How AlphaFold helps drug discovery
Artificial intelligence (AI) can play a significant role in drug discovery. While this idea is not new, Google’s algorithm AlphaFold has completely changed the game. Let’s look at how exactly AI helps the pharma industry in finding a new drug, and what makes AlphaFold so revolutionary.
by Dzmitry Ashkinadze
Computer-aided drug discovery (CADD) has gained a significant foothold in the pharma industry in recent years. According to research, the market share of CADD is expected to reach $7.5 billion in 2030 at a compound annual growth rate (CAGR) of 11.48%. CADD is popular as it allows to speed up drug discovery and the drug’s time to market (TTM) by using state-of-the-art artificial intelligence (AI).
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Nowadays, the average development of each Food and Drug Administration (FDA) approved drug costs $2.6 billion. Only in 2021, FDA approved 50 new drugs with a total development cost of approximately $130 billion. Successful drug development is expensive, however, the major cost factor is failed drug development – in fact, 9 of 10 drugs currently fail to win approval. This puts a significant priority on lowering drug failure rates and improving the prediction of effective drugs, which can be attained by CADD.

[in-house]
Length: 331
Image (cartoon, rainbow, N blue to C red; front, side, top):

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But how does this highly promising way of discovering new drugs work? Let me first show you which 2 steps a CADD process principally consists of. For this, we will take the example of the Raltitrexed discovery. Raltitrexed is a drug that was found to have an effect on human immunodeficiency virus (HIV) by deactivating its “target” – a vulnerable part through which a drug could attack the virus. HIV’s target is the protein Thymidylate synthase. This is how researchers found the substance that could deactivate this protein:
- Find the target: In a first step, the researchers determined the structure or shape of the target (the protein) and identified the biologically active site, or the exact part of the protein structure that should be attacked by the drug (see Figure 1).
- Find a drug that can deactivate the target: In a second step, a series of potential drug molecules were designed and tested experimentally. From all the tested molecules, Raltitrexed was the most potent. Thus, it was passed on to clinical trials. Generally, the target is deactivated by binding the drug to the target after a “Lego principle” and blocking its activity. Thus, the target protein cannot fulfil its purpose anymore (see Figure 1).